Otago Daily Times 15 August 2020
Our additional comment: Mr Hardy expects more positive tests to follow cannabis legalisation. “We’ve seen … the data coming out of the US, where they had a 75% increase of positive rates for marijuana. From 5.1% and it went to 8.9% for positive marijuana use, which is a huge [increase].” The big question of impairment was not easy for the drug testers either, Mr Hardy said. “No toxicology can detect impairment. With cannabis it’s a really, really tricky substance. If you look at it, you’ve got what’s called intoxication and then you’ve got what’s called impairment.
When recreational cannabis was legalised in states in the United States, it led to a jump in positive drug tests at the workplace of about 75%. Jacob McSweeny takes a look at how workplaces like forestry and the port will manage if cannabis legalisation gets a ‘‘yes’’ at the coming referendum.
There are major concerns among industries with drug testing regimes that more workers will fail tests if cannabis is legalised later this year.
New Zealanders will decide whether to legalise recreational marijuana at next month’s election.
If there is a “yes” vote and if the legislation then becomes law, how workplaces measure impairment will be the big question for a lot of employers.
The Drug Detection Agency (TDDA) is one of the go-to drug testers for many companies that have to test for health and safety reasons.
TDDA chief executive Kirk Hardy says on average their testing in New Zealand has a positive rate for cannabis of about 5.8%.
For pre-employment tests the average is lower, at about 4%.
Cannabis is king in Otago, as the most common drug found in people’s systems, followed by methamphetamine and opiates.
Mr Hardy expects more positive tests to follow cannabis legalisation.
“We’ve seen … the data coming out of the US, where they had a 75% increase of positive rates for marijuana.
“From 5.1% and it went to 8.9% for positive marijuana use, which is a huge [increase].”
The big question of impairment was not easy for the drug testers either, Mr Hardy said.
“No toxicology can detect impairment.
“With cannabis it’s a really, really tricky substance. If you look at it, you’ve got what’s called intoxication and then you’ve got what’s called impairment.
“Intoxication is when you’re high. The best way to describe it is the analogy of alcohol. You drink alcohol, you’re feeling pretty happy — you’re intoxicated by it. The next day you get what’s called a hangover … you’re impaired.
“You’re impaired during intoxication and you’re impaired after that in the hangover effect.
“Exactly the same thing applies to cannabis.”
He warns some studies have shown impairment can last for weeks after smoking cannabis.
But if someone is only dabbling in a little cannabis on the weekend, it will probably not show up in a test on the following Monday.
“If someone’s having … a couple of tokes of a joint on a Friday or a Saturday night, they are more than likely going to test negative in the workplace on Monday through urine analysis.
“They will definitely test negative with oral fluid, or saliva testing,” he said.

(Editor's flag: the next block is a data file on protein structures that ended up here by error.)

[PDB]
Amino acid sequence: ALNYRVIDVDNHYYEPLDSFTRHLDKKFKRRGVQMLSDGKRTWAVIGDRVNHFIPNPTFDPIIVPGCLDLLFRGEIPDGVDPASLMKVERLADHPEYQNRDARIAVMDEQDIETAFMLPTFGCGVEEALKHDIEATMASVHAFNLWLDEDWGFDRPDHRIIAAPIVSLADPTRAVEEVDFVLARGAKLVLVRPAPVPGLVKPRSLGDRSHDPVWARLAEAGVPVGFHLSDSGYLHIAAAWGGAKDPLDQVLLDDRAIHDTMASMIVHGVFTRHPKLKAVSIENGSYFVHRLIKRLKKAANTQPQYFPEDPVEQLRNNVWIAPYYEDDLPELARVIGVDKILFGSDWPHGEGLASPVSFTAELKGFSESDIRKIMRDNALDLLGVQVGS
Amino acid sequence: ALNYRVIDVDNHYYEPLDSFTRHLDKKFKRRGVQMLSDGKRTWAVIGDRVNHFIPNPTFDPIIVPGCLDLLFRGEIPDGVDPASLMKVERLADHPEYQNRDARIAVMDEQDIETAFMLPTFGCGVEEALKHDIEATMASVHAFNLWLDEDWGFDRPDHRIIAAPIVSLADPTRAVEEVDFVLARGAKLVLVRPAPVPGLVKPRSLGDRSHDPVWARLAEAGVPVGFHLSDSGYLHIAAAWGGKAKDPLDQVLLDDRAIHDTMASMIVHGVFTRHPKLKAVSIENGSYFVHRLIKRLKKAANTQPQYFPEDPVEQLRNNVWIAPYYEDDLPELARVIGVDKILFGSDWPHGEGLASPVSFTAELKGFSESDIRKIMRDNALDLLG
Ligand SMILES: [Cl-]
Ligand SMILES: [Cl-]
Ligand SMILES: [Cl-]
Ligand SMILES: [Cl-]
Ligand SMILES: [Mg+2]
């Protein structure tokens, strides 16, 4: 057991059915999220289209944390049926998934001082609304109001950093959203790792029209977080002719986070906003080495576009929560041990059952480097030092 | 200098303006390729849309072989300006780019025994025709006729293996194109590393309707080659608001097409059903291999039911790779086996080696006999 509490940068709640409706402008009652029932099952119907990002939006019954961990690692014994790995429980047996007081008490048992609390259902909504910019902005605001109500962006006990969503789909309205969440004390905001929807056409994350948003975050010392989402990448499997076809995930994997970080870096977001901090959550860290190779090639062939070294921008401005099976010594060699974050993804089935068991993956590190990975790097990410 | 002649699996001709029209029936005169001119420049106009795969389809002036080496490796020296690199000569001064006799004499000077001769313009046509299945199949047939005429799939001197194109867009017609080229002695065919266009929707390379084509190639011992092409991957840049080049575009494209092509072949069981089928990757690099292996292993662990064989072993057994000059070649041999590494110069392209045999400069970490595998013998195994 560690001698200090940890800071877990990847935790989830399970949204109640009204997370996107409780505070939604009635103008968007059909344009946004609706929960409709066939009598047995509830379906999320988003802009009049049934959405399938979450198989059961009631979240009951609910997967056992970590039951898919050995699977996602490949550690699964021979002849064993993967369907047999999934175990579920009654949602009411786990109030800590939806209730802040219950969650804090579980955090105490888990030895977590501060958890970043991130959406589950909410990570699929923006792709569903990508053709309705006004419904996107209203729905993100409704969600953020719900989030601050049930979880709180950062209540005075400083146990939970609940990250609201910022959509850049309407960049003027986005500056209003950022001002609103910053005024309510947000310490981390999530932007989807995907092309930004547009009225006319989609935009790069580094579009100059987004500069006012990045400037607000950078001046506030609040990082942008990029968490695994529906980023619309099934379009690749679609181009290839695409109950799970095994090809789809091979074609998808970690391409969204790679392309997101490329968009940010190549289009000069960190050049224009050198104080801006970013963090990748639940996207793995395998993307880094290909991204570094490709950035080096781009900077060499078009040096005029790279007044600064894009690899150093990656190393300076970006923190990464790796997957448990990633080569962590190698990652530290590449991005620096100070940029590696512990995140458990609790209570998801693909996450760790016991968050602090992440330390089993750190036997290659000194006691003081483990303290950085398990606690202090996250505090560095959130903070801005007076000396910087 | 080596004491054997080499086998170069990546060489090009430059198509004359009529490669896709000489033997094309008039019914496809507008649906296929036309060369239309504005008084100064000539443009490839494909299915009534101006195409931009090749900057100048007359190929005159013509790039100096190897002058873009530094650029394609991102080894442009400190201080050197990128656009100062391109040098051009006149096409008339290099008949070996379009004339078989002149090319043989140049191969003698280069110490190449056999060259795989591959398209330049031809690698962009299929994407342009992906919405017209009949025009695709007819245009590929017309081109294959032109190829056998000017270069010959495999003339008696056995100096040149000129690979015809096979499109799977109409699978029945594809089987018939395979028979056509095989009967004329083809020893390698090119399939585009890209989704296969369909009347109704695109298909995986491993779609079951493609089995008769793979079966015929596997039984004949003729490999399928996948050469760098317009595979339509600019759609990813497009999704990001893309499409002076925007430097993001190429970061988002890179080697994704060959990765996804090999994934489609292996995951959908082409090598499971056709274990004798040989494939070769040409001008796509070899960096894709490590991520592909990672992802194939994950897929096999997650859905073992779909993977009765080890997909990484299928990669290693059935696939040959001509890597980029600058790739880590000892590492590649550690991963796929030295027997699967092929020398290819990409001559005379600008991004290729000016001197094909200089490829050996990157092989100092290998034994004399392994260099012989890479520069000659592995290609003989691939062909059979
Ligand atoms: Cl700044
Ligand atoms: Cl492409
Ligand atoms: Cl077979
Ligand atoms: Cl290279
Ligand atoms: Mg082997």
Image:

The Drug Foundation
The Drug Foundation executive director Ross Bell described testing for impairment as a “weakness”.
“There isn’t good technology available to workplaces at the moment around measuring impairment.”
Somebody might smoke cannabis on the weekend and pass a Monday test, but, they might also fail that Monday test a few weeks later, Mr Bell said.
“The only testing regime are urine tests, which test for presence. Someone could have smoked five weeks ago and still fail a test.”
He said the current testing regime was inadequate but there was potential with saliva testing.
“Because that tests for more recent use, within the last few hours, that could be a system.”
He had his reservations about that, as well.
“I can’t see a workplace, that even if there was saliva technology, that every morning … you’re going to get all of your 100, 200 or 300 staff to do a saliva test.”
His advice is to work on a culture of understanding around drug use and how it may affect performance.
“Don’t just rely on building a testing regime. Rely on building a culture, a culture that says don’t come to work if you’re impaired, whether you’re hungover or tired or stressed … if you’re not in the right state of mind, don’t come to work.”
He said employers needed to communicate why they needed systems like drug testing.
“We’ve done work with the Defence Force where they had this zero-tolerance approach and staff didn’t really understand what that meant.
“They had never communicated the rationale for taking a strong approach. Workplaces need to educate their staff: ‘we care about you, we want you to stay staff, we want you to look after your workmates, you’re in a risky environment — this is why we can’t have you showing up with your performance impaired’.”
Overall, drug testing sent a bad message to workers and a culture of safety was always a better way to manage drug use, he said.
“There’s a real weakness with drug testing, not just in the technology but in the message it sends to workers: ‘we don’t trust you, we need you to pee in this cup and we’re going to catch you out’.
“That doesn’t make for a good working relationship between employer and employees.”
He said the cannabis referendum was a good chance to engage with staff on the issue, to try to build that safety culture.
READ MORE: https://www.odt.co.nz/business/concerns-over-cannabis-use-work